Matthew Coglianese wanted his art to stand out.

Just like many artists, the digital photographer had displayed his works in large glass frames at art festivals.

So, he decided to experiment.

Coglianese, a Mt. Greenwood native, now prints all his works on sheets of aluminum, using a special ink and a heat press.

The result is photos with colors that are “super rich” and “super vibrant,” he said, and they will be on display at the second annual Ridge Park Art Fair and Festival on June 22, from 11 a.m. to 5 p.m.

Coglianese, now a Hyde Park resident, calls himself “The Pigshark,” an ode to a drawing he made in college of a pig’s head on a shark’s body.

He will join dozens of other artists, many of them local, at the art fair, which is accepting applications for artists until Monday, April 15.

Coglianese planned to participate last year but became ill the day before the event. He will have about 30 photos on display, showing his ability to use PhotoShop to blend his love of architecture and science fiction.

“One of the things I really like to do is take a picture and turn it into something completely surreal, and it could never exist; but I make it look real and like it does exist,” Coglianese said. “I like to play with the reality of my image.”

Sponsored by the Chicago Park District, Ridge Park Advisory Council and John H. Vanderpoel Art Association, the art fair supports local artists and features fine art, wood working, ceramics, jewelry, leather crafts, textiles, photography, sculpture and art glass.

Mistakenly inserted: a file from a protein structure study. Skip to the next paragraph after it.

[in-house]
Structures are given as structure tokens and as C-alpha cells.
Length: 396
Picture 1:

Tours of the Vanderpoel Art Museum, located inside the Ridge Park Cultural Center, will take place during the festival, which will also feature live music, food trucks and children’s activities. The park’s ceramics studio will also be open, with instructor Vida Radic welcoming visitors.

The cost for artists to participate and receive booth space is $85, including a $20 non-refundable deposit that is required with applications; artists may also apply for free space.

Coglianese’s artwork is displayed in 31 states and five continents, and he has participated in fests around the city, including the Beverly Art Walk, hosted by the Beverly Area Arts Alliance since 2014.

He is encouraged that more events are being held locally that mimic large events on the North Side.

“There’s really not that much going on the far South Side of Chicago in terms of those kinds of art fests,” Coglianese said, “so it’s nice to see all the other South Side neighborhoods starting up too with their own art fests.”

Irene Testa, president of the Vanderpoel Art Association, said last year’s festival featured about 40 artists and attracted about 1,000 visitors.

Artists set up their works along a walking path that circumvents much of the 10-acre park.

Last year “went really well,” she said, and she’s keeping her fingers crossed that the weather cooperates for another successful event.

“This is a nice way to celebrate the beginning of summer,” Testa said. “Nearly all the exhibits last year were from the South Side, and it looks like we’re going to have the same scenario again this year.”

Susan Larsen, who makes contemporary organic art jewelry, will participate for the second year. She will sell earrings, pendants and pins made of sterling silver and copper.

Larsen grew up in Beverly and now lives in the southwest suburbs. She has a master’s degree in fine arts and has created jewelry for 20 years.

“I’m inspired by geometry and nature,” Larsen said. “I’m inspired to kind of combine the two to create the art piece.”

Larsen still visits Beverly often to see her mother, and she has participated in the Beverly Art Walk and the Uprising Craft Handmade Holiday Market, also hosted by the Beverly Area Arts Alliance. She said Beverly is now becoming a “hub” for arts.

She credits local organizations for creating events like the art festival.

Testa is grateful for other community staples leading the way.

“We thank God for organizations like the Beverly Area Arts Alliance and the [Beverly Arts Center],” Testa said, “who show us how vital the arts community is to Beverly/Morgan Park.”

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